Posted: 03 Sep 2010 11:47 AM PDT
Here's a newly invented word within media studies/media anthropology - polymedia: "photo and video sharing and social networking sites all readily available. New forms such as video messaging are on the horizon. We suggest that in such a situation the primary concern shifts from an emphasis on the constraints and affordances vis a vis a particular medium to an emphasis upon the social and emotional consequences of choosing between a plurality of media. The mere situation of polymedia changes the relationship between communication technology and society."
Catchy word, but does it help? My concern is that it presumes that 'polymediated' contact is a new state of being, when I'd say that it's our standard method of communicating (albeit somewhat dressed up in favor of power-users). I get it, our media worlds are multiplying exponentially. But polymedia today, hypermedia tomorrow? Media anthros, what do you think?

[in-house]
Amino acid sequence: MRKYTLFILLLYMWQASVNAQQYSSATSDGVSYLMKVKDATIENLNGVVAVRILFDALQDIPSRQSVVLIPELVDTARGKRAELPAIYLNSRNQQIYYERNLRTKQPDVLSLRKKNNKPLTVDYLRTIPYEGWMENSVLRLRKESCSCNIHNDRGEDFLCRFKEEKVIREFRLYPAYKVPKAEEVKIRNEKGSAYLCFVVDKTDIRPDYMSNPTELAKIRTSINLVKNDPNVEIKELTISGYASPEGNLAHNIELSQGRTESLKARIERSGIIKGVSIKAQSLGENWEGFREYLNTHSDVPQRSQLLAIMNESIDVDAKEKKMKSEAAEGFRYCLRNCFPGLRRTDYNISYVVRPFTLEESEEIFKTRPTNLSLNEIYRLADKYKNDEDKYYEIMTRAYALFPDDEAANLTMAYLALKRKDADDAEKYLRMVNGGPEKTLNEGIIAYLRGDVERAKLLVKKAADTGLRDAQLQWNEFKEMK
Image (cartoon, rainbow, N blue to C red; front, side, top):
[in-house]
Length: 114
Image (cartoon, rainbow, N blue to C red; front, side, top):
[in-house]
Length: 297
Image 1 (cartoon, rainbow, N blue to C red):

Posted: 03 Sep 2010 11:39 AM PDT
A collection of research papers on mobile phone studies in Latin America. View and contribute.
Posted: 03 Sep 2010 11:37 AM PDT
Anthropologists presenting their research on mobile phones (or that addressed the subject in a wider context) were concentrated in two workshops: Media Anthropology and Digital Anthropology. The first one was coordinated by John Postill (Sheffield Hallam University) and Philipp Budka (University of Vienna). The second by Daniel Miller (University College, London) and Heather Horst (University of California, Irvine). Here you can see a list of those papers, authors and abstract. They will most likely translate into journals articles in the future.
Today's round-up includes mobile phones, the invention of the term "polymedia", rethinking the perhaps inadequately named "Internet of Things", dystopian digital futures, and technology as a perpetually frightening prospect.